Remember, the only person you can change is yourself. You cannot make your husband do anything. You can’t force your husband to behave how you want him to. But you can control how you respond and initiate contact with him. You can be cold, bitchy, selfish, and wait for him to make the first move. Or you can try the Golden Rule in your marriage and see what happens.


If you’re still skeptical, I ask you to try implementing the Golden Rule in your marriage for one week. Just seven days. It won’t kill you, I promise. Just try it and see what happens. Don’t nag your husband. Don’t tell him what to do. Don’t ask him to do something you could very easily do yourself. Listen to him when he talks. Say Yes if he initiates sex, or even initiate it yourself. And see what happens.

It may take more than a week for your husband to notice the change in you. That’s ok. You’re doing this for yourself too, so even if you don’t immediately notice any visible, drastic changes in your husband’s behavior, don’t get upset. Maintain your good deeds. Continue your kindness. Notice how it makes you feel when you’re not complaining or harboring resentment or fighting all the time. Hopefully you feel more peaceful? Less worried? More at ease with yourself? Less guilty?

Jesus asks us to serve others, and this especially includes our husbands. And it’s usually much easier to serve our neighbor down the street or donate to a charitable cause than it is to serve the people we share a roof with, isn’t it? Serving our husbands through the good and the bad is hands-down one of the hardest and most humbling things you can do. It will make a saint of you much quicker than you expect!


Marriage isn’t easy. You know this. And initially, serving your husband and treating him the way you want to be treated will seem like it’s making marriage harder than it needs to be. Serving always includes dying to self.  And that’s always, always hard.

Unless your husband is a total bum, a degenerate jerk, or abusive (and if he is, this article is not for you), he will respond in a very positive way to your kindness towards him. It might take him a while, but he will respond. Men are uncomplicated creatures. Most men will say they just want three things from their wife: respect, kindness, and (you guessed it!) sex. That’s it. Can we give that to them?

Let’s rise to the challenge. Let’s give our men the love they deserve and treat them the way we want to be treated.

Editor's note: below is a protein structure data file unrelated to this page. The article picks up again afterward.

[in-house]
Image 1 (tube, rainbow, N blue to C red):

It won’t be easy, but it will be worth it.







Friday, August 24, 2018

I Lived With My Boyfriend and I Regret It


The man I was engaged to for two years and friends with for six years left me a few weeks before our wedding.

I had already sent out invitations, bought my dress, and booked a church. We had gone through intensive (and expensive) marriage prep together. And we were living together  in an apartment that I had spent hundreds of dollars to furnish and make our home.

Miraculously, though we came close, we never had sex, though we often shared a bed and committed various sins of impurity that I shall not mention here. I am a Catholic. I try to take my faith seriously. And I am here to warn you that living with your significant other before marriage is a death knell for your relationship. I know; I went through it all.

Now, I am sure there are some couples out there who live together, make it work somehow, and eventually get married. And I’m sure that most couples who cohabitate before marriage intend to get married eventually. But there are many more couples out there—I’m sure you know a few yourself—who are just living together with no clear goal of marriage. Why buy the cow when you can get the milk for free? 


Cohabitation was the most efficient and easiest option we had at the time. We didn’t have to pay rent for two separate places, I could get away from my annoying housemates, and we could both start preparing for our future married life together. It made so much sense then, and I knew I was going to marry him anyway, so why not? Not to mention that everybody else was doing it. Which doesn’t make it necessarily right, but it does make you wonder sometimes if you’re the only fool missing out on something.

So why not live together? What’s stopping you? That damn Catholic church, that’s what. Spoiling all our fun. Trying to suppress our healthy sexual desires with rules and regulations. Forcing God into my bedroom where He doesn’t belong.

Yes, it’s hard to be a Catholic today in a world that is so open to everything but Christian morality. It’s hard to see couples have all the sex they want, whenever and however they want it, like some kind of 50 Shades of Grey Buffet. So why not just shack up, Catholic or not? We’re adults, we can make our own decisions.


Well, the answer to this question is complicated, and the world doesn’t like complicated answers. In fact, it doesn’t like answers at all, because it likes to pretend that there are never consequences for an individual’s actions. If you get pregnant and don't want the baby, get an abortion. If you live beyond your means, declare bankruptcy. If you want to cheat on your spouse or significant other, it’s your right to be happy at any cost. In our age of convenience, where computers and slave laborers in China take care of everything, we demand a lifestyle of instant gratification with zero consequences.